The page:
Much to everyone's dismay, I don't lead new introductions with my dietary choices. To each their own, but declaring your dietary restrictions outside of a restaurant setting doesn't bring a lot of value to a conversation. Unless someone is shoving a hotdog into my face, I don't see reason in declaring what I eat or not. Plus there's all that stigma and people's need to justify their lifestyle choices. Who cares? Unless you're starving, conversations about food are so mundane.
But when the topic does come up, there is a response and it normally goes like this.
"I could never give up cheese."
I cannot blame them. Vegan cheese was not the reason I went vegan. In fact, I went vegetarian for 6 months because the idea of giving up cheese just seemed so out of reach. Cheese is good. The way it melts, spreads, compliments a meal. I come from the land of dairy. Cheese was a necessity for civilization's progress and survival. I will never deny that.
So when people find out, I become a reluctant ambassador for a product that I really don't like. Vegan cheese is gross. People look at me with confusion and just wonder why I choose to put myself through a miserable existence of coconut based lumps. You simply cut it out. You can get used to anything. I got used to drinking black coffee, when I eliminated dairy from my diet. It is frightening for people to imagine trading in a life of luscious melt-in-your-mouth Gruyere to yellow goo that melts like a spoonful of coconut oil. So I agree, vegan cheese is not the driving factor for switching your diet. There should be other reasons for your switch that make it acceptable to give up Appenzeller, Brie or aged Irish cheddar. Travelling in France while vegan hit different. I get it. The question remains, why does vegan cheese exist when it shouldn't? It's an experiment. It's a push towards technological advancement. It's an alternative to cheese that your mom will buy and put in the fridge for your long awaited visit. It's a way for lactose intolerant and vegans to unite and contribute to a technological advancement. The dairy milk industry is operating on borrowed time and once government subsidies run out it will be too expensive to operate. Vegan cheese will become the fake crabsticks of our lifetime.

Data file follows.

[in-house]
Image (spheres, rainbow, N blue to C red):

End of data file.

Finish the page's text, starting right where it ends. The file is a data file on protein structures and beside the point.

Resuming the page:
One day biotech will be advanced enough that we won't be able to tell the difference. One day plant based cheese will be indistinguishable and it will cost less. The price of dairy will become more expensive and then the humble grocery shopper will take the plunge. To get there takes time, baby steps. The same steps that made the current shopper switch to no-name brands due to the inflation pressure in 2023. It's a gradual change and by the time it is here, it will not be as horrific as you imagine it now. You can get used to anything. Our current life of cheese luxury wasn't an overnight switch. It was a gradual change driven by politics and business. The gradual shift can go in the other direction as well. Life is fluid and full of possibilities. We can be open and excited for what is around the corner.
With the above said, I do enjoy vegan cheese that is based on ingredients closest to those found in nature. My favorite ones are cashews based. Spread'Em and Nuts for Cheese are my go to when I'm feeling like having a treat.